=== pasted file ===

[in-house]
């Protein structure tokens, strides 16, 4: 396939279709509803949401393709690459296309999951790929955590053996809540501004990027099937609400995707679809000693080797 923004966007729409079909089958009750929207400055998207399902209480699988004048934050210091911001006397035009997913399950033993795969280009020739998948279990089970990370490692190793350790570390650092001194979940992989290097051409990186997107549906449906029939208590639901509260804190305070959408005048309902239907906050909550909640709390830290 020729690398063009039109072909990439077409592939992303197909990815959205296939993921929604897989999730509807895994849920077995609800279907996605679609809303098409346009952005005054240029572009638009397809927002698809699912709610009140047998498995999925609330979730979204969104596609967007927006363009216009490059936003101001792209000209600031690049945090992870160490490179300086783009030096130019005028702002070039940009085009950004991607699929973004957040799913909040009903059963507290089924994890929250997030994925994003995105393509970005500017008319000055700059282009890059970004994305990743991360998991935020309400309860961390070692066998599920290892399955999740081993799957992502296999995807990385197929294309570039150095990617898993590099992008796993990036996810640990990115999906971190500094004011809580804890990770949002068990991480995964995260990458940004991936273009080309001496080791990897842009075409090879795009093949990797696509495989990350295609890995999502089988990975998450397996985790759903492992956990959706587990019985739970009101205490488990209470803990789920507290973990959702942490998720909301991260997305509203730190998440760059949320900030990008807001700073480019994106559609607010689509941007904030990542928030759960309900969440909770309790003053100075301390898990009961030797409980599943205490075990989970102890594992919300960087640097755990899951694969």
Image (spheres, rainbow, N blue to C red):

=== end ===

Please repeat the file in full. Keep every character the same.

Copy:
[in-house]
């Protein structure tokens, strides 16, 4: 396939279709509803949401393709690459296309999951790929955590053996809540501004990027099937609400995707679809000693080797 923004966007729409079909089958009750929207400055998207399902209480699988004048934050210091911001006397035009997913399950033993795969280009020739998948279990089970990370490692190793350790570390650092001194979940992989290097051409990186997107549906449906029939208590639901509260804190305070959408005048309902239907906050909550909640709390830290 020729690398063009039109072909990439077409592939992303197909990815959205296939993921929604897989999730509807895994849920077995609800279907996605679609809303098409346009952005005054240029572009638009397809927002698809699912709610009140047998498995999925609330979730979204969104596609967007927006363009216009490059936003101001792209000209600031690049945090992870160490490179300086783009030096130019005028702002070039940009085009950004991607699929973004957040799913909040009903059963507290089924994890929250997030994925994003995105393509970005500017008319000055700059282009890059970004994305990743991360998991935020309400309860961390070692066998599920290892399955999740081993799957992502296999995807990385197929294309570039150095990617898993590099992008796993990036996810640990990115999906971190500094004011809580804890990770949002068990991480995964995260990458940004991936273009080309001496080791990897842009075409090879795009093949990797696509495989990350295609890995999502089988990975998450397996985790759903492992956990959706587990019985739970009101205490488990209470803990789920507290973990959702942490998720909301991260997305509203730190998440760059949320900030990008807001700073480019994106559609607010689509941007904030990542928030759960309900969440909770309790003053100075301390898990009961030797409980599943205490075990989970102890594992919300960087640097755990899951694969």
Image (spheres, rainbow, N blue to C red):